Singaporean cuisine is as ethnically diverse as its people, blending Malay, Chinese, Indonesian, Indian and Indian influences. A trip to a few of the hawker centres or shopping mall food courts will probably be as eye-opening as gastronomically gratifying.

Hawker Culture, between the practice of dining and mingling at hawkers centres over food prepared by hawkers, is an integral part of the Singapore way of existence. Throughout the formative years of Singapore’s independence, hawkers and local communities, with the assistance of the authorities, came together to build up hawker centres, supplying secure livelihoods for hawkers and affordable meals for the people. Today, hawker centres across Singapore continue to serve the needs of diverse communities in recreational, residential and business districts.

Hawker civilisation is permitted by hawkers in Singapore, who maintain the culinary practices connected with food dishes prepared at hawker centres. The food reflects the multicultural make-up of Singapore, comprising mostly Chinese, Chinese and Indian as well as many different cultures. Hawkers at Singapore take inspiration from the confluence of cultures, experimentation, and adapting dishes to local tastes and context, representing a living food heritage through generations.

Hawker centres serve as”community dining rooms” where people from varied backgrounds share the experience of dining over breakfast, lunch and dinner. An individual can see freshly prepared food at the hawker stalls and hear multi-lingual exchanges made over meals in a lively atmosphere. A standard hawker centre includes many food and drink stalls, and a shared seating area. Dining at a hawker centre is a quintessentially Singaporean experience, allowing one to experience a wide variety of multicultural food and drinks at affordable rates. It’s common for people and even strangers to eat and interact in the same table regardless of religious or dietary differences.

This (non-exhaustive) list by Tropika Club covers what we think are the best examples of Singaporean food available across the city-state, from humble road food carts to swanky rooftop restaurants and all in between.

Chilli crab was encouraged by the Singapore Tourism Board among Singapore’s national dishes, and are available in fish restaurants all around the island. It’s traditionally eaten with bare hands as a way to savour the delicious crab meat using its sweet and hot chilli sauce. Restaurants often offer wet towels or even a washing machine bowl with lime for diners to wash their hands after their meal.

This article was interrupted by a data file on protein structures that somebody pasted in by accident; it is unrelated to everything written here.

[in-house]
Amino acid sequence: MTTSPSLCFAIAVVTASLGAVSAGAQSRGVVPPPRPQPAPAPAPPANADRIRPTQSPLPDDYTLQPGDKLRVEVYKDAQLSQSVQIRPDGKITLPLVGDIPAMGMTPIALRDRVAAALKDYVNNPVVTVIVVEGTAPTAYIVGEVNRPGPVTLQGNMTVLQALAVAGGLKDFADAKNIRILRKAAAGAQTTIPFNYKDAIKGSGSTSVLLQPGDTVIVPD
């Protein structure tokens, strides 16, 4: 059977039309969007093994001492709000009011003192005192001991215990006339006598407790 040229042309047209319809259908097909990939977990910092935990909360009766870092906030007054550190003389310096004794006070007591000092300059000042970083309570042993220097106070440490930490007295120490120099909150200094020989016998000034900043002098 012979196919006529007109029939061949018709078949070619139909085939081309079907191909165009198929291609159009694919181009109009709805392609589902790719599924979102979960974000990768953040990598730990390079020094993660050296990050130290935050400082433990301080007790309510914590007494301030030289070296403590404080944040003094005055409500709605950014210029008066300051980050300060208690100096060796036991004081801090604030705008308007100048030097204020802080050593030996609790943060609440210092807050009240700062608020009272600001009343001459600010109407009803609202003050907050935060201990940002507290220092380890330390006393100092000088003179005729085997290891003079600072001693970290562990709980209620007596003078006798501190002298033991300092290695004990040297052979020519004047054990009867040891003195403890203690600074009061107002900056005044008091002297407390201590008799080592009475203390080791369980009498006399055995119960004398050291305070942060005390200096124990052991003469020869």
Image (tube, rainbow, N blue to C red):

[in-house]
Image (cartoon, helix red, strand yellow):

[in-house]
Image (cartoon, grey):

​Char kway teow, literally”stir-fried rice cake strips”, is a favorite noodle dish out of Maritime Southeast Asia, especially in Indonesia, Malaysia, Singapore, and Brunei. The dish is regarded as a national favourite in Malaysia and Singapore.

“Satay” basically refers to skewered and grilled meat, served with a spicy sauce that tends to involve peanuts. What kind of meat is used? That depends on personal preference. This dish can be made with chicken, pork, beef, lamb, or even fish.

When you see succulent cooked poultry hanging neatly in a row in a food booth, you’re looking at one of Singapore’s national dishes–Hainanese Chicken Rice.

A ubiquitous sight in hawker centres throughout the nation, it is also on the menu at several major restaurants and even resort cafes. All provide the same dish at varying costs: bite-sized pieces of chicken–or even an entire chicken if you are eating as a big set –served with fragrant rice, spicy chilli and ginger paste.

The recipe for the dish is adapted from ancient Chinese immigrants in Hainan Island, off the southern coast of China. They utilise a specific fowl that is bony and fibrous and serve the chicken with oily rice. A ground green chilli dip rounds off the dish.

Bak kut teh is a Chinese soup broadly served in Singapore, and its name translates as”meat bone tea”, and at its simplest, includes meaty pork ribs simmered in a complex broth of herbs and spices (such as star anise, cinnamon, cloves, dang gui, fennel seeds and garlic) for hours. Bak kut teh is generally eaten with rice, and Bak kut teh is typically a great morning meal.

The Bak Kut Teh tradition dates back to the 19th century when Chinese immigrants in Singapore and Malaya utilised pork ribs and herbs like star anise, fennel seeds, cloves and coriander to boost their energy. The soup was also found to have positive benefits for people with ailments such as rheumatism, and it soon grew to become very popular among Chinese migrant workers. The Hokkien and Teochew are traditionally tea-drinking cultures, and the significance of Bak Kut Teh runs deep within their cuisines.